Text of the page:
LEARN: How to Buy a 35mm SLR Camera

In this Guide

1. Autofocus vs. Manual
2. Features to Consider
3. What to Do Before You Buy
4. Quick SLR Facts

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How to Buy a 35mm SLR Camera

SLR cameras help you create extraordinary photographs, not just snapshots. The right SLR will grow with you as your picture-taking skills develop. Here's how to identify important features and buy smart.

Does a 35mm SLR (single-lens reflex) camera make sense in an age of digital cameras? Yes, if you want more than snapshots. No other camera format lets you capture high-quality images in such a compact package. Few other cameras offer affordable zoom, macro, or wide-angle lenses. You can buy SLR-based digital cameras, but they cost about $5,000 (U.S.) — far more than a top-name film SLR, lenses, and accessories. And image quality isn't as good as 35mm — yet. SLR cameras help you create extraordinary photographs. You get more control over the image. And, if you need a digital picture, you can scan from your quality photograph, slide, or negative. All 35mm SLRs use any 35mm film — color negative film for prints, transparency film for slides, black-and-white, and even infrared film. There are a few APS SLR models that use 24mm Advanced Photo System films. These don't enlarge as well but offer convenient mid-roll film change.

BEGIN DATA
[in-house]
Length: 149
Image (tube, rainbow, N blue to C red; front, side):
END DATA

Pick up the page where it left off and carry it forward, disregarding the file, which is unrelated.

Autofocus vs. Manual Focus

When choosing an SLR, you must choose between autofocus (AF) or manual focus. All major manufacturers have effective AF systems; one offers a system that tracks your eye movements through the viewfinder to focus on your subject. Some offer image stabilization, which lets you shoot photos at slower shutter speeds.

AF cameras, however, have limitations:

  • They rely on electronics that can betray you at inopportune times.
  • AF cameras consume more batteries than a manual camera.
  • When you want to switch to manual focus, you may find that some AF lenses are hard to focus by hand.
  • Few AF systems really see what your eye sees. AF cameras use infrared beams, which have a limited range. 
  • Some users find autofocus mechanisms noisier than they'd prefer. 
  • AF lenses often contain lighter components, such as plastic barrels. They save weight, but might not be durable.

With manual cameras, you set the focus yourself, and often the aperture and shutter speed as well. Olympus, Pentax, Nikon and others make manual-focus SLRs with few electronics. They help you learn how to compose an image and understand depth-of-field. You also get access to a vast range of lens choices from many makers. And, if you're on a budget, manual cameras often cost less than AF models.

Features to Consider , P.2 >>